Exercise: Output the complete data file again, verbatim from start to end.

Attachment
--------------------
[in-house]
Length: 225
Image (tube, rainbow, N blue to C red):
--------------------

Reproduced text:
[in-house]
Length: 225
Image (tube, rainbow, N blue to C red):